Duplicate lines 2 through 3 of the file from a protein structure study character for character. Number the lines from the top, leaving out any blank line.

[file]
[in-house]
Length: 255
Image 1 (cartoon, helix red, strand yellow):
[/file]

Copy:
Length: 255
Image 1 (cartoon, helix red, strand yellow):